Last on the list of scenes I love, we have “Dancing Queen.” Because let’s talk about this for a minute: the movie never judges Donna for having slept with 3 men right around the same time. Sophie never judges Donna, Donna’s friends never judge Donna, the 3 men themselves never judge Donna. Donna’s the only one who judges Donna. She’s always a little embarrassed about this part of her past and after she discovers the 3PDs in her hotel and just can’t cope with this situation, she laments to her friends that she “was a stupid, reckless little slut.” But Rosie and Tanya just will not let that sort of statement stand. First they admonish her for being so judgmental of herself (“Don’t you sound like your mother!” “It’s Catholic guilt!”) and then – and this is the part I really love, you guys, because I kind of wish something like this would happen in real life every time somebody was too down on themselves for something that really isn’t that big a deal – they sing “Dancing Queen” at her until she can’t stand it anymore and joins in. And then, just in case we didn’t get the point that women are free to be whatever they want to be in this movie, all 3 of them dance through the streets of town singing “Dancing Queen” until all the women in town can’t stand it anymore and they throw off their domestic tasks and join in and then all the women in town dance through the streets singing “Dancing Queen” while the men stand off to the side and watch and I just really love that idea is all.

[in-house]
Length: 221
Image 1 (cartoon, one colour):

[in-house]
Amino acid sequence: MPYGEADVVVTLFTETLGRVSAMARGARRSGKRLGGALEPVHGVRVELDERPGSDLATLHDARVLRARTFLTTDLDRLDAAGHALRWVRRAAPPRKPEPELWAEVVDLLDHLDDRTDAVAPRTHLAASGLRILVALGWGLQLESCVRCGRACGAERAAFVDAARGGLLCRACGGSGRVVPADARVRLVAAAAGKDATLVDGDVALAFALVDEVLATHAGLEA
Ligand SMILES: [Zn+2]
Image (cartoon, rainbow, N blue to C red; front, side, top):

Well. That almost covers every single little thing I love about this movie. Probably all the things I will write about here, though, because otherwise I would just be saying things like, “Oh, and I really like how she delivers that one line there,” or, “I don’t know, I just kind of think that moment is awesome,” and, really, we don’t have time for that sort of nonsense. There’s still one more Mamma Mia! post to come, however, because we really do need to talk about all the things that just don’t make sense about this movie. Or, well, I need to talk about those things. You might not care about those things, I don’t know, but I will be back soon to at least try to convince you that you should care. Because if we can’t make up stories to convince ourselves that our favorite things really are perfect and the writers didn’t make a mistake and really the continuity is totally there if you just look for it, then where would we be? Not in any kind of world I want to live in, I tell you.